Banking system faces Rs 70,000 crore liquidity deficit
The deficit is at Rs 70,266 crore on April 16 compared to Rs 31,396 crore on April 3.
“System liquidity seems to be slightly more in deficit that is normal at this time of the year,” said Saugata Bhattacharya, chief economist at Axis Bank. “The proximate reason seems to be relatively high government balances with RBI, which might be due to lower spends. Other contributing factors might be higher cash withdrawal, weaker foreign exchange inflows and higher CRR (cash reserve ratio) balances of banks,” he said.
The deficit is at Rs 70,266 crore on April 16 compared to Rs 31,396 crore on April 3, data from the Bloomberg India Banking Liquidity gauge showed.
During the same period, the system was running in surplus cash in the range of Rs 33,400 and Rs 84,600 crore although New Delhi’s currency swap programme (DeMon) increased cash in the banking system around that period.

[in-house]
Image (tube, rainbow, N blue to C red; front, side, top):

“Extended deficit liquidity could become detrimental to smoother monetary policy transmission,” said Upasna Bhardwaj, senior economist at Kotak Mahindra Bank. “One of the primary reasons for tighter liquidity conditions in April has been the unexpected muted spending by the government.”
The surplus cash balance with the government is now at about Rs 47,333 crore as on April 16 compared to nil balance in the corresponding period last year.
“GST collections towards the end of the week are expected to have further increased the cash balance and worsened liquidity deficit given the absence of aggressive spending,” she said.
The liquidity deficit may cross Rs 1 lakh crore by the end of last week in April, experts said.
While RBI has injected Rs 2.98 lakh crore in liquidity into the banking system in 2018-19, it also conducted a dollar swap auction for $5 billion or Rs 34,500 crore in March. Similar dollar auction will also be carried out on Tuesday to infuse similar quantum.
“RBI might have to infuse liquidity through term repo for the time being,” said Soumyajit Niyogi, associate director, India Ratings. “Post elections, the scenario is likely to change with the spending spree ebbing and possible reduction in cash in circulation.”
Factors like ongoing weekly high central and state government bond auctions too added to the deficit problem, Niyogi said. On an average the central bank has sold about Rs 20,000-30,000 crore state and central government debt in the first two weeks in April.
Liquidity conditions, however, should improve in the coming days amidst the FX swap and a pick-up in government spending.